Humanitarian Trip

Dental Mission Trips and Humanitarian Aid Trips Benefit Everyone

Humanitarian Trip

Dental Mission Trips and Humanitarian Aid Trips Benefit Everyone

Three CDP dentists working on young patient in Mexico.

Community Dental Partners believes in the value of dental service for patients who need it most. That means establishing practices where patients don’t have easy access to dentists. Sometimes, it also means reaching out to serve underserved areas worldwide. That’s why we organize yearly dental mission trips abroad. Dental mission trips are great for the patients they help and provide enriching experiences for the doctors who participate.

Dental Mission Trips Benefit Patients Who Need Treatment

Oral disease is a universal human experience that crosses all geographic and demographic boundaries. The WHO Global Oral Health Status Report (2022) estimated that oral diseases affect close to 3.5 billion people worldwide, with 3 out of 4 people affected living in middle-income countries. Globally, an estimated 2 billion people suffer from caries of permanent teeth, and 514 million children suffer from caries of primary teeth. 

Most of a dental mission will be spent treating caries and gum disease. However, you may also see severe diseases and disorders while working on a dental trip abroad, which we generally do not see in the U.S. Noma, for example, is a severe necrotizing disease that affects children. Specifically, children suffering from malnutrition, poor oral hygiene, compromised immune systems, and extreme poverty are at risk. It is usually fatal if left untreated and can cause severe disfigurement even with treatment.

Two male dentists performing work on young child's teeth on mission trip.

Cleft lip and palate cases are also comparatively more common in underserved areas of the world. While these disorders are mainly genetic, poor maternal nutrition and tobacco and alcohol consumption during pregnancy (all more common in areas with higher poverty rates) can increase risk factors. Corrective surgery and adequate prenatal care are more difficult to access in high-poverty settings. Access to dental surgeons can mean life or death for many children in some areas of the world.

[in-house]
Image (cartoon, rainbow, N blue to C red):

In general, dentistry is one of the most underserved healthcare fields worldwide. This is especially true in remote and impoverished communities. That means many patients on dental mission trips may never have seen a dentist before. They’ll benefit significantly from learning even basic dental home care techniques. Your service may mean the difference between reclaiming their health or living with irreversible health costs.

The Psychological Benefits of Service

Service of any kind has been repeatedly proven to benefit our mental and emotional health. Altruistic behavior decreases stress, anxiety, and even depression symptoms. Participating in service to help others can also boost your immune system and increase longevity!

Most people who participate in a service program abroad can attest to the psychological and emotional boost they experience during their service tenure. Volunteers report a greater sense of purpose, life satisfaction, self-confidence, and sense of identity.

Young children playing soccer in Mexico on a Dental Mission Trip.
Female sharing culture and weaving a basket during a dental humanitarian trip.

However, these psychological benefits run even deeper for dentists. Many dentists report that mission trips and dental volunteer programs help renew their enthusiasm for the field when they feel run down. During the daily grind of dental practice, many clinicians feel overwhelmed by the routine. Dentists who own practices may feel like they’re drowning in the administrative side of the practice. Volunteer dental service can remind you of the reasons you started on this road to begin with. Refocusing on compassion and hope to improve others’ lives can reignite your passion for the job and avoid burnout.

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Benefits for Your Career: Dental Mission Trips Are a Valuable Experience!